Climate-induced range expansions of caddisflies have limited effects on ecosystem functions

Researchers from North Carolina State University have conducted a study to investigate the impact of climate-induced changes on animal distribution and their effects on ecosystem functions. The study found that resident species can continue to fulfill important ecological processes even in the presence of similar newcomer species. However, when the newcomers are more dissimilar, the role of resident species in ecosystem functioning undergoes changes.

This research has significant implications for understanding the consequences of climate change on species communities. As climate change forces new species into different habitats, such as species moving from lower to higher latitudes or elevations, predictive tools can be developed to anticipate the outcomes.

Professor Brad Taylor, co-author of the study and a professor of applied ecology at NC State, highlighted the importance of understanding the impact of species range expansions due to climate change on the existing ecosystem structure and function. In cases where resident and newcomer species are relatively similar, the consequences for ecosystem functions may not be significant.

The study focused on caddisfly populations in Colorado’s pristine ponds over a span of 30 years. The researchers assessed key ecosystem functions linked to the overall health of the ecosystem, including nitrogen and phosphorus excretion by caddisflies, as well as the speed at which caddisflies process dead plant material, known as detritus. The effects of resident and newcomer species on these processes varied depending on the composition of the community.

Changes in nitrogen and phosphorus levels can lead to alterations in the algal community, which serves as a food source for higher trophic levels such as fish or amphibians, according to Taylor.

In the study, it was found that caddisflies play a crucial role in the processing of detritus, as they consume decomposing wetland plant material and break it down into smaller fragments that can be utilized by other organisms. A high level of detritus processing indicates a well-functioning ecosystem, according to Taylor.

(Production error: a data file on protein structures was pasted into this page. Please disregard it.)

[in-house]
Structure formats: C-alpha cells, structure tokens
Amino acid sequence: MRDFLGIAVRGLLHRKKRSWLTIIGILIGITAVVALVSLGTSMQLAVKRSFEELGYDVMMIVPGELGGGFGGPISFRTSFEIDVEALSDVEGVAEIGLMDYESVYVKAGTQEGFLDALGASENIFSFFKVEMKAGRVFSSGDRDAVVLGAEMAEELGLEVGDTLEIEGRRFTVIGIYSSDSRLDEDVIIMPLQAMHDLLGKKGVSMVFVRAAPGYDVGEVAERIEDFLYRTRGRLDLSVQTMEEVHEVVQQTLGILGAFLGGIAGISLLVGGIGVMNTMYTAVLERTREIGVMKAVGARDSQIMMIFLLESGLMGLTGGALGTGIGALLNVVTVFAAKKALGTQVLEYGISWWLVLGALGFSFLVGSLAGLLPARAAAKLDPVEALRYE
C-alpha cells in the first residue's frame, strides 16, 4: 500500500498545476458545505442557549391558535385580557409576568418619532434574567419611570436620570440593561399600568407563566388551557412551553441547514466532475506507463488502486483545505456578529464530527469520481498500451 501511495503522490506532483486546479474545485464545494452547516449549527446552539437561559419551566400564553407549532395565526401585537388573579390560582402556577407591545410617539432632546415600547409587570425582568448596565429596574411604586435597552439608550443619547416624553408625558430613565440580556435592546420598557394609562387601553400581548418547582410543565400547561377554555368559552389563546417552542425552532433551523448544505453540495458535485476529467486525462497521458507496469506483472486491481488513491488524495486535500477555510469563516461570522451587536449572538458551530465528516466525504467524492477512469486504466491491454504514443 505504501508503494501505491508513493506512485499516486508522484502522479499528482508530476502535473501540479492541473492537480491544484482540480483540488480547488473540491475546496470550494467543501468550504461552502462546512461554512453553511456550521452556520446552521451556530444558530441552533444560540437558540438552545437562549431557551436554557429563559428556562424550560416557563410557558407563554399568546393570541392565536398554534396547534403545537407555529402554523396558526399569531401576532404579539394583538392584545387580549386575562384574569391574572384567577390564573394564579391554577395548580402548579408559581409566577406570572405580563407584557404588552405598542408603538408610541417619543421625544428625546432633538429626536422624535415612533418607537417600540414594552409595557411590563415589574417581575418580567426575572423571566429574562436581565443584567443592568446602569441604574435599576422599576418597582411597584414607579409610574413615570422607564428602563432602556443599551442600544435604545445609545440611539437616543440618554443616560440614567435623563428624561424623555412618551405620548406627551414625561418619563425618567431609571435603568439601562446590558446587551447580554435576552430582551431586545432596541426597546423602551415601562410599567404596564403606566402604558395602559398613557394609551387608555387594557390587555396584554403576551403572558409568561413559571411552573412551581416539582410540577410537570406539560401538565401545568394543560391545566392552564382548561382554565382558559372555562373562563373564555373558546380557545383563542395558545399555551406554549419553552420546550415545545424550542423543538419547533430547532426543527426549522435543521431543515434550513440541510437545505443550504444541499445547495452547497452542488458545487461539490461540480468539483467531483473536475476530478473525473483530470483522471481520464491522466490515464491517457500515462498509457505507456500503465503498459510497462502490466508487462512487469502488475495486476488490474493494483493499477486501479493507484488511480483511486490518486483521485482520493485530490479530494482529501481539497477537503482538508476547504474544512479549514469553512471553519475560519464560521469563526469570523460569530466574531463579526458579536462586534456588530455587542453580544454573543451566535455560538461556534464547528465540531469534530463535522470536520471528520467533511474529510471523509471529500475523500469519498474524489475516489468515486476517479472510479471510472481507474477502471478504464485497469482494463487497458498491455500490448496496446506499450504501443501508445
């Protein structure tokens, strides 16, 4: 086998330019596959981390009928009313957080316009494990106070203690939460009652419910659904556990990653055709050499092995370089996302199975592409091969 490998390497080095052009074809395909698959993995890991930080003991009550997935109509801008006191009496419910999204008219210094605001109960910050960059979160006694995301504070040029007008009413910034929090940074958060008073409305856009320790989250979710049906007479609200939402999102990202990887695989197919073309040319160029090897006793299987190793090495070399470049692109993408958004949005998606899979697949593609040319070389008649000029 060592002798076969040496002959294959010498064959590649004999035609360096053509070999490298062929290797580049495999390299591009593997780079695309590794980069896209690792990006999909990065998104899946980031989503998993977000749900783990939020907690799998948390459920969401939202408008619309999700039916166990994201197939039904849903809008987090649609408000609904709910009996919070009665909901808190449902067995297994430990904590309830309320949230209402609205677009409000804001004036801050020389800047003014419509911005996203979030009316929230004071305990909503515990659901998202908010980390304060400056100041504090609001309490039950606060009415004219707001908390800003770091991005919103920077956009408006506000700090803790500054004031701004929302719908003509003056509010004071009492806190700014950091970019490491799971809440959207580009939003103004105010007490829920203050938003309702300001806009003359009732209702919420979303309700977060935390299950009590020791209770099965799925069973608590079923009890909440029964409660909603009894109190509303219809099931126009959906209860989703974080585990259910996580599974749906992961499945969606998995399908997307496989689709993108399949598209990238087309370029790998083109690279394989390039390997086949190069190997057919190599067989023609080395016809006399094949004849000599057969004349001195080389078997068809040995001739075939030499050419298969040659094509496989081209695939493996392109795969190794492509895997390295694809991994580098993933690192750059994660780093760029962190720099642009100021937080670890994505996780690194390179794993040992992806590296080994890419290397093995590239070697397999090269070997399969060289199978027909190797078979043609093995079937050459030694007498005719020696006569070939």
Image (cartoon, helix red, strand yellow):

Over the course of 30 years, the study identified three expansions in the range of caddisfly populations. In the first two expansions, caddisfly species similar to the resident species in terms of detritus processing and nutrient dynamics entered the ponds. One of these similar newcomer species played a larger role in nitrogen supply throughout the 30-year period.

In the third expansion, a dissimilar newcomer species emerged as the dominant supplier of phosphorus. However, despite these changes in the community composition, the overall detritus processing and nutrient supply in the ecosystem remained stable. There was no evidence of declining caddisfly populations over time, although the dissimilar newcomer species is close to becoming the dominant resident species.

The study provides valuable temporal data that illustrates the potential consequences of climate-induced species introductions into new ecosystems and communities. Understanding the specific rates of nutrient supply and detritus processing by different species is essential for predicting the effects of species shifts. Nitrogen and phosphorus are crucial factors that regulate algae populations in the ponds, and changes in dominant species like caddisflies can influence the abundance of these nutrients.

Taylor emphasized the need to examine the effects of these range expansions on other invertebrates and vertebrates in the ecosystem. The researchers intend to investigate the long-term consequences of these changes and how they may impact other organisms.

As climate-induced range expansions continue to occur, the study highlights the importance of exploring and understanding the various ecosystem processes associated with these shifts. The findings contribute to our knowledge of how climate change can affect species interactions and ecosystem dynamics. The study was published in Communications Biology.

Source: North Carolina State University

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